Here is something we need to understand Four Oaks. This passage makes a claim on us. When it comes to Jesus, neutrality is not an option. Jesus is not simply a religious figure. Jesus is not simply an inspirational religious leader. He is not someone who simply talks a good talk and has some good teachings but he is one of many assortments of religious paths that we can take. Make no mistake. Jesus comes to earth to be nothing else, if not worshipped. There is no middle ground with this by the way. Matthew puts this text right in front of you right in front of me and confronts us with it. Once we are confronted with it we are never the same. That is his intention. He does not want for you to walk out of here under the myth of neutrality. You are in one kingdom or the other. You are serving one king or the other. You are either, and this sounds primitive, but its so true, you are either walking in the kingdom of darkness following the path of Herod and worldliness and living for self and calling your own shots or you are in the line of King Jesus. And you are following behind him, yes imperfectly, yes struggling, but you know he is my Lord and Savior. That is what Matthew wants us to be confronted with.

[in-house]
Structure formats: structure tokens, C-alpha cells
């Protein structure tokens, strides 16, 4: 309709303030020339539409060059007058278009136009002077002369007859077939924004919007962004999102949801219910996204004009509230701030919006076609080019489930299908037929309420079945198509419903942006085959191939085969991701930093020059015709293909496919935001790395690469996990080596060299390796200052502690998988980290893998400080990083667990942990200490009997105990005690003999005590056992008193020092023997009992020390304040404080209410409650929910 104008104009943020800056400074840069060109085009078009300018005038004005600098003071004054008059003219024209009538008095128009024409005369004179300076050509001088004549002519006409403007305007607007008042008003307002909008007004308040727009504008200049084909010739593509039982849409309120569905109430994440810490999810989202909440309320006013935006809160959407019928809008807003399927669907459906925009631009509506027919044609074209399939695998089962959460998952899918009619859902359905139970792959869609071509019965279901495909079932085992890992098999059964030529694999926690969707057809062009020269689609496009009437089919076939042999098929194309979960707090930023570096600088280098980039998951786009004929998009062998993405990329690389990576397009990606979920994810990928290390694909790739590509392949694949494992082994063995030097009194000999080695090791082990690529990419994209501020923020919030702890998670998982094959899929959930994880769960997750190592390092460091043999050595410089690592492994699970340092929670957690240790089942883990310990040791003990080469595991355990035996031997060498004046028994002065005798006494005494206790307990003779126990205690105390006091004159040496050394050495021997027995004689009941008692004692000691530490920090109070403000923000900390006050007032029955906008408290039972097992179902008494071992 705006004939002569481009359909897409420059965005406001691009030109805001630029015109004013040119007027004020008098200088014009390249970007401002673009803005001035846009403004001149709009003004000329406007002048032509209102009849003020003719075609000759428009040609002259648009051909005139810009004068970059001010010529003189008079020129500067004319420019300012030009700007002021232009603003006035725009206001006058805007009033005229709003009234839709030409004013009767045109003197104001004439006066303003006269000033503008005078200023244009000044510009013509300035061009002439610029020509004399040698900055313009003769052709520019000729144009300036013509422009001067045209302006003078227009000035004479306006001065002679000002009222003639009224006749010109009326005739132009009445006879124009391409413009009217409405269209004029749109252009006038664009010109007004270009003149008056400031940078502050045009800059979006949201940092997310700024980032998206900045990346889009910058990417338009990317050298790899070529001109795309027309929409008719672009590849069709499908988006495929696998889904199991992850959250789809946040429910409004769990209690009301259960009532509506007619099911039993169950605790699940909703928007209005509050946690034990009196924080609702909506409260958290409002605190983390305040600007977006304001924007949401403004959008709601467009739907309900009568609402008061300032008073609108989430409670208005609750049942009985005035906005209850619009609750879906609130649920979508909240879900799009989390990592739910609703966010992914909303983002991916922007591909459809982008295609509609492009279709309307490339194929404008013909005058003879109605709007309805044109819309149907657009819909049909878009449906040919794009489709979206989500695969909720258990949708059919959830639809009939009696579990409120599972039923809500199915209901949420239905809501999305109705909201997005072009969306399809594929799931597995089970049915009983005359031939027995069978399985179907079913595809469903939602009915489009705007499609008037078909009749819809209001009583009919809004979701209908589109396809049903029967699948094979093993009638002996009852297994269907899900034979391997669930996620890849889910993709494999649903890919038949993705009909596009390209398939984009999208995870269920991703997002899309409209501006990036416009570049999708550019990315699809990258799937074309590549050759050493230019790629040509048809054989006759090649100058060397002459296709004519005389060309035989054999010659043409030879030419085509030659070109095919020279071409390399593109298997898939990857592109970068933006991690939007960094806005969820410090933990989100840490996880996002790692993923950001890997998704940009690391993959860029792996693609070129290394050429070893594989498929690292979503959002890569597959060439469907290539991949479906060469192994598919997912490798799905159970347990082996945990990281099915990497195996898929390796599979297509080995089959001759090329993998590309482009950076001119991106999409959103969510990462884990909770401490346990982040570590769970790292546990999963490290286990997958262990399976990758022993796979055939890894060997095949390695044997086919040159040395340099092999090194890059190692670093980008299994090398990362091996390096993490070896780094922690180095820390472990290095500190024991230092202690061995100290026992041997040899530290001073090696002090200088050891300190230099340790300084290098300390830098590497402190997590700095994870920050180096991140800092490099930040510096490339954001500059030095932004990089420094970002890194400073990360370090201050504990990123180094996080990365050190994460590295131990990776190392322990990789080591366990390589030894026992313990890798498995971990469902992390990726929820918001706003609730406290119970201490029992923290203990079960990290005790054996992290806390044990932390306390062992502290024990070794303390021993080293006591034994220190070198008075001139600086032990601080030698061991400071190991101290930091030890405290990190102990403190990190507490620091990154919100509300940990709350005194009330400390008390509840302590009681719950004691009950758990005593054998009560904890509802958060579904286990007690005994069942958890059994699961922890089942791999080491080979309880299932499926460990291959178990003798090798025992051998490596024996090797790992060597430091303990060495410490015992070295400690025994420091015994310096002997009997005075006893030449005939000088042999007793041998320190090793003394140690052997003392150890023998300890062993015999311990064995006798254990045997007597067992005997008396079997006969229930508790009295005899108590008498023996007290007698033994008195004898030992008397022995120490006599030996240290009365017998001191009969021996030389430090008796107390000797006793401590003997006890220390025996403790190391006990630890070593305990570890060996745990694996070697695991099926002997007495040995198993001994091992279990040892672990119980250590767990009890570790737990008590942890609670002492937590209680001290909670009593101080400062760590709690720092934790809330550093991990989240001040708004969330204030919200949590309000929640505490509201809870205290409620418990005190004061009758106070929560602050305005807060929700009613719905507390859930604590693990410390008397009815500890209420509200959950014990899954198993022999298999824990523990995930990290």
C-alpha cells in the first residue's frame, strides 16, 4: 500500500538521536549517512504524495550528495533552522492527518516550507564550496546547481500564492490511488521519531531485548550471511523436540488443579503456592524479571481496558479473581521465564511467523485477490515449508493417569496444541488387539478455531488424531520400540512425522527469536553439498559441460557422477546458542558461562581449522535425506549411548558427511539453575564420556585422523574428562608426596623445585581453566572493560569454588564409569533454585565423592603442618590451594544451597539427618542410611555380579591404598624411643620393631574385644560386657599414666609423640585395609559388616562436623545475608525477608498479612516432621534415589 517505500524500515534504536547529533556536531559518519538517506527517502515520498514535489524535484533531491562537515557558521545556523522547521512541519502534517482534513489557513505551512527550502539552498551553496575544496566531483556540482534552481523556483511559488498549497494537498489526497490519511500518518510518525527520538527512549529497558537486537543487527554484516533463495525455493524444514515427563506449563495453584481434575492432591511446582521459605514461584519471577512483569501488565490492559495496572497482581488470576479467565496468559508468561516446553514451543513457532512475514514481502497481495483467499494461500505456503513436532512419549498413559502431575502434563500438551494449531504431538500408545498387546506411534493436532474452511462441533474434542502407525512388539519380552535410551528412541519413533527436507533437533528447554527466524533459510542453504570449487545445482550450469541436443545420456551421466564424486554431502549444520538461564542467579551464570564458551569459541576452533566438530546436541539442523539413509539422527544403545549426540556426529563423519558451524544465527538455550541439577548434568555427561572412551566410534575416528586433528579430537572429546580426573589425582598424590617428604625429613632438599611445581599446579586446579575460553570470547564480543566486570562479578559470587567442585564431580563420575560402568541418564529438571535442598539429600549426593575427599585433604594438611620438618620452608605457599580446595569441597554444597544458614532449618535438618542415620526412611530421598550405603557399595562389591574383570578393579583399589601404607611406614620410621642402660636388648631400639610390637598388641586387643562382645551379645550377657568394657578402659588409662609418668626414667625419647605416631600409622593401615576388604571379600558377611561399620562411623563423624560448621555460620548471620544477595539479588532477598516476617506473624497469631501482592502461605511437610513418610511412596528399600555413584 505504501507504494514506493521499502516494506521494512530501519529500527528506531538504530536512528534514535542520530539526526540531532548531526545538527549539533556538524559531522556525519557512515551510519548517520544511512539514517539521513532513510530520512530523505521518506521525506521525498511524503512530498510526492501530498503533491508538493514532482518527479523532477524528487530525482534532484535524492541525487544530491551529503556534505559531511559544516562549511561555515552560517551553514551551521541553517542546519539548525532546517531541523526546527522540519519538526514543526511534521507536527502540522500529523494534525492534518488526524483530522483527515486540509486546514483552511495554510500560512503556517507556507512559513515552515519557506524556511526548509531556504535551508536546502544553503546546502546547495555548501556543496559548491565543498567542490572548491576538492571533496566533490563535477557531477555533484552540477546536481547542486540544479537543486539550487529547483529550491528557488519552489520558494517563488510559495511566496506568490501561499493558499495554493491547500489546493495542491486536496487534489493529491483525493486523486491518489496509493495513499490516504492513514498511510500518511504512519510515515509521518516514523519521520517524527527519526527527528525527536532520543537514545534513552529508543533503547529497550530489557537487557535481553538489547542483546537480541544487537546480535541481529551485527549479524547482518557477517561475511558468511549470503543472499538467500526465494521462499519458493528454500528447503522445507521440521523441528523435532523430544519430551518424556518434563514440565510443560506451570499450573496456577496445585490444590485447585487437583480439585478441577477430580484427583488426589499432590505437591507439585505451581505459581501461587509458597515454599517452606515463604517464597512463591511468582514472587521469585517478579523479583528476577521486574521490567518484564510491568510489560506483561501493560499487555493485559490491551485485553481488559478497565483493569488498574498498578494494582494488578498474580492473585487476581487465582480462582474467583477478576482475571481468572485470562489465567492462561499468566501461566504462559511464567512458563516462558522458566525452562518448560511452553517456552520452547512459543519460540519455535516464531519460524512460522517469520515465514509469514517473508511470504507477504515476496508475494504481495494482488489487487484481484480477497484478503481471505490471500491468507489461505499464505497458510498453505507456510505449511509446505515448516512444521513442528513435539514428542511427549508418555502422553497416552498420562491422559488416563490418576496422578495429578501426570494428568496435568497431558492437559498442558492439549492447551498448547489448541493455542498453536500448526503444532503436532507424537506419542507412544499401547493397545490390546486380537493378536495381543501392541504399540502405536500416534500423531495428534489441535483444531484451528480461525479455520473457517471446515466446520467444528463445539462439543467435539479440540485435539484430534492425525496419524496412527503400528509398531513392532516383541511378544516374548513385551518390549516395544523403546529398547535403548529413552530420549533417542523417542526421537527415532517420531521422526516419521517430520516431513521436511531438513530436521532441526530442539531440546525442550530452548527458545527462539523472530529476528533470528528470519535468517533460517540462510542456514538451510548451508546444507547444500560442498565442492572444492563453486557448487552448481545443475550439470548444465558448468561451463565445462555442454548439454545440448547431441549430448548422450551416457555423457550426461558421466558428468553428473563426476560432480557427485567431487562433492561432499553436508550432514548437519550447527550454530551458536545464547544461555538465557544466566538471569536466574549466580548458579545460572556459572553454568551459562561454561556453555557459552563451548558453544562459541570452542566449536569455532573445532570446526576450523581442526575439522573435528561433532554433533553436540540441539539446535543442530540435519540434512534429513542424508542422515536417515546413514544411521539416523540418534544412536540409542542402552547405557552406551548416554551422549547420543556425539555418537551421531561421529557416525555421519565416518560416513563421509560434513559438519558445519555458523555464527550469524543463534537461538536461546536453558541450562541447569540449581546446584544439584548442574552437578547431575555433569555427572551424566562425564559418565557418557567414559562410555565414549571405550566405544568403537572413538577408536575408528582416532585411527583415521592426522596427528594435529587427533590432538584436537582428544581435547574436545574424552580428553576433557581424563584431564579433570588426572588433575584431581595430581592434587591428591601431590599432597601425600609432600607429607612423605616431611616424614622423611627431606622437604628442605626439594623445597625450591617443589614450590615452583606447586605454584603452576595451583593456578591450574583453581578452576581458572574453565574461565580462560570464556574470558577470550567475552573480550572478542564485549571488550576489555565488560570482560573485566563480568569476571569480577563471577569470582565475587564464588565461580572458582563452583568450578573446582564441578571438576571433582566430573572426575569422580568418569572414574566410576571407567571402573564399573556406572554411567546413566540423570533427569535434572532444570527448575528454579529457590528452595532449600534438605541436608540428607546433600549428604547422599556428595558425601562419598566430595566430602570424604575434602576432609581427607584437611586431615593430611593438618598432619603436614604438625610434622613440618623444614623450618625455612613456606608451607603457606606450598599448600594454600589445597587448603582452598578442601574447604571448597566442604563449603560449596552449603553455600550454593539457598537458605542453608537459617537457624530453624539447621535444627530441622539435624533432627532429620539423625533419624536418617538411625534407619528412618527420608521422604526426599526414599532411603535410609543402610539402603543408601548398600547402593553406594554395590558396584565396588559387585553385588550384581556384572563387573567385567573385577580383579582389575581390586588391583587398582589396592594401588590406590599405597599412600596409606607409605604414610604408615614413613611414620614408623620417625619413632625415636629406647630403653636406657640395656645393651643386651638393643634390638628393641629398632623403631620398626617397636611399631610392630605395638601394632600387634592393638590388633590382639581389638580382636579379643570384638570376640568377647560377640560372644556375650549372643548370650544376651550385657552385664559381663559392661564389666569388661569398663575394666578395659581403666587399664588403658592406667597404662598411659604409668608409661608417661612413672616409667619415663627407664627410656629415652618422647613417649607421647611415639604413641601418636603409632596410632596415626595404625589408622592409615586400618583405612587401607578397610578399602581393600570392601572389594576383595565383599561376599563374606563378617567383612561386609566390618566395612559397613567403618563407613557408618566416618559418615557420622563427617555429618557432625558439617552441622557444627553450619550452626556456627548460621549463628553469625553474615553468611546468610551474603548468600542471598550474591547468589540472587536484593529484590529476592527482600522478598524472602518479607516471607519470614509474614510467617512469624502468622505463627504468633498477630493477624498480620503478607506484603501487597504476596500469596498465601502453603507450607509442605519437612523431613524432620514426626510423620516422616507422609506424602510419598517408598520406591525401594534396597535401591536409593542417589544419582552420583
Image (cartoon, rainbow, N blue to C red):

So that is the who.

Let’s look back at the what. What in the world is going on in this text? Ok, apparently the Magi see the star, they set out. If they are from Babylon which we believe they probably are, its 550 miles from Babylon to Jerusalem which makes it a month or two journey if they are making the caravan on camels. It’s probably then, although hard to say, 2-3 months after Jesus’ birth that they arrive in Bethlehem, which means they come to a home and not the manger. So last night, the Gilbert entourage went and looked at Christmas lights in this neighborhood off of Fred George Road. Anybody made this journey yet? It was like watching an episode of The Great Christmas Light Fight on ABC. Americans do these things so bizarrely don’t we? It’s the strangest intermingling of the nativity scene and then Santa in an airplane in the same front yard? Classic. Classic Americana. At nativity scene after nativity scene, there we were shepherds angels and the wise men. But! Not so. This is probably happening 2-3 months after the birth of Jesus so they are most likely (Mary, Joseph and Jesus) in the town of Bethlehem upgraded from the stable, staying in a house while they recover before eventually making their way back to Nazareth. Most likely, that is the scenario.